Lebanon News

Gemayel, Soueid dispute creating a wedge in alliance

MP Sami Gemayel gestures upon his arrival at the Parliament in Beirut, Lebanon, Tuesday, April 17, 2012. (The Daily Star/Mahmoud Kheir)

BEIRUT: A long-simmering dispute between the Kataeb Party and March 14 general-secretariat boiled over this week after Metn MP Sami Gemayel and general-secretariat head Fares Soueid traded barbs over the future of the alliance and its vision for the country.

Soueid, a former MP from Jbeil and a close ally of the Kataeb Party, slammed Gemayel for calling for greater political decentralization in order to better address concerns of the country’s sects.

In a prerecorded interview aired last week by LBCI’s political talk show “Kalam Ennas,” Soueid accused Gemayel of making proposals that contradict the message of Pope Benedict XVI, who paid a historic visit to Lebanon last month.

“Pope Benedict XVI did not call for a federalism of sects in Lebanon; he called for coexistence of Christians and Muslims,” Soueid said.

Since 2009, Kataeb has not participated in the meetings of March 14’s general-secretariat, which is led by Soueid. Party officials say that distance is due to the general-secretariat’s attitudes and its organizational structure.

“Fares Soueid and Sami’s late brother Pierre Gemayel were a strong front in the March 14 coalition and they coordinated on almost everything,” an official with knowledge of the history of relations between the Kataeb Party and the March 14 general-secretariat told The Daily Star.

“Sami is not Pierre and since Pierre’s death, Soueid has faced difficulty in agreeing with Sami’s ideas,” the official said, describing the dispute between Sami Gemayel and Soueid as personal rather than political.

Pierre Gemayel, a former MP and Industry Minister, was assassinated in November 2006.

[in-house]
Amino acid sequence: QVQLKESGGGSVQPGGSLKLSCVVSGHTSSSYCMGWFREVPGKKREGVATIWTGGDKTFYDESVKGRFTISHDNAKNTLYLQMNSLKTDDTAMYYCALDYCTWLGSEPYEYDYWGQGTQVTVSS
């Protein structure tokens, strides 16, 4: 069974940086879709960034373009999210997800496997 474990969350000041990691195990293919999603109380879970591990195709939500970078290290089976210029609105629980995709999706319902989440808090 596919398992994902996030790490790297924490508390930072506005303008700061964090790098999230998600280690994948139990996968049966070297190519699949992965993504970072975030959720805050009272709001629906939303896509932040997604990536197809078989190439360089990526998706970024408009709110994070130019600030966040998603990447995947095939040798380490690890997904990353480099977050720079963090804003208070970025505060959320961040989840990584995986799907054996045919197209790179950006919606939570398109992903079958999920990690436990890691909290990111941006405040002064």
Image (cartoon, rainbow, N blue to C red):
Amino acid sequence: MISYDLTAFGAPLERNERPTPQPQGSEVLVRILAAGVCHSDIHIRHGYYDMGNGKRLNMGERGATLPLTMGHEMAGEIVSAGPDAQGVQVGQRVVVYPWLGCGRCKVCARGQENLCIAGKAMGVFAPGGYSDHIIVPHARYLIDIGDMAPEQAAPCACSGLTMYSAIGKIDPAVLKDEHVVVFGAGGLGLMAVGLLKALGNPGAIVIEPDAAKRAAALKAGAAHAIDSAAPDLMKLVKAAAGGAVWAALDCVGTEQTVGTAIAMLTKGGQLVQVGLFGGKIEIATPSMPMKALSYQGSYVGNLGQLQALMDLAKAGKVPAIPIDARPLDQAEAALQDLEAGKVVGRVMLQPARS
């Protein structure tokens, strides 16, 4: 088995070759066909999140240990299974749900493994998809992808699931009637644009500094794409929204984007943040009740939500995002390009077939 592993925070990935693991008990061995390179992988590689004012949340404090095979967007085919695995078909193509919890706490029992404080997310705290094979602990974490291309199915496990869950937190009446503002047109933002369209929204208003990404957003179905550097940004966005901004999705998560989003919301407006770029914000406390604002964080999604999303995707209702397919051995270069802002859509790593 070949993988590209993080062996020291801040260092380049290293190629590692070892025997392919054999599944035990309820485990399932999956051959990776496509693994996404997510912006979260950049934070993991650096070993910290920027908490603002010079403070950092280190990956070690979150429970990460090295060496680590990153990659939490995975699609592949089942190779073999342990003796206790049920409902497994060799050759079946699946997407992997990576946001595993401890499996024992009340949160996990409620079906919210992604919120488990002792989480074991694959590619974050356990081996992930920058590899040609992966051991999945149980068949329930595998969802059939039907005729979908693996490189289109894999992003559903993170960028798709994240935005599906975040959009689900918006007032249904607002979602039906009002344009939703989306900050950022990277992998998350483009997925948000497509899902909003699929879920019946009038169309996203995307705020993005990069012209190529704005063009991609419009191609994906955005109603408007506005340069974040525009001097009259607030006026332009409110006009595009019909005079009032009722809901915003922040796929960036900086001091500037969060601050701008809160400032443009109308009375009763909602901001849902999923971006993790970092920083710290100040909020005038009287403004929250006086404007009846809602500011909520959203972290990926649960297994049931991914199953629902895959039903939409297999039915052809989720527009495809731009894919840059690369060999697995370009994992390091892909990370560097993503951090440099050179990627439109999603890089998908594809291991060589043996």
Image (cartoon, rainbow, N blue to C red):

Soueid’s criticism of Gemayel drew condemnations from Kataeb Party officials who described his remarks as “unacceptable and disappointing.”

Deputy-head of the party Sejaan Azzi called for taking “tangible measures” against Soueid, but did not elaborate further.

“If they [general-secretariat] are not ready to accept our opinion, that’s very disappointing. How can Soueid champion democratic values when he cannot tolerate others’ opinions?” a source close to Gemayel asked Monday.

“Soueid’s sudden attack on Gemayel looks coordinated and he launched his attack after getting the green light from some people,” he added.

But the source said Kataeb leaders have agreed to cool their rhetoric and ignore Soueid’s statements for now.

In the interview, Soueid also said that Gemayel’s proposals contradict the values of March 14.

“We built coexistence through the March 14 movement. If Sami and others like him in the coalition won’t defend these values, then why March 14?” Soueid asked.

Responding to a question posed by LBCI on whether the Kataeb Party will distance itself from the coalition in the months to come, Soueid said that the March 14 constituency is necessary for any political party in the coalition to win parliamentary elections.

“March 14 has a strong voting force, the Kataeb Party knows that. Without March 14, it won’t take seats in Zahle and Ashrafieh and other key regions,” he said.

Gemayel, who was a guest on “Kalam Ennas,” accused Soueid of turning the general-secretariat into a “Soueid club” and of failing to fulfill his role as coordinator.

“We had some war in 1958, we had a war in 1975, and then in 2008 we had another war: This is enough evidence that the concept of coexistence as mentioned in the constitution has failed ... But through recognizing everyone’s concerns and specificity, we can build real partnerships in Lebanon,” Gemayel said. “The way Soueid is speaking is not the right way of coordinating the work between March 14 supporters.”

According to Gemayel, the general-secretariat needs to be restructured to meet the demands of its supporters. “Reorganization of March 14 is necessary to give voice to everyone in the coalition instead of keeping it to three or four people,” he said.

Meanwhile Elias Atallah, a former MP and a member of the coalition, called on March 14 to stay unified.

“At a time when there is an armed political party in control of the Lebanon and helping the Assad regime to kill the Syrian people, it is unacceptable to talk about such disputes in the coalition,” Atallah said.

“Why this panic? Why these reactions? What’s wrong with Soueid criticizing Gemayel? We all need self-criticism to unify this coalition.”

A version of this article appeared in the print edition of The Daily Star on October 09, 2012, on page 3.




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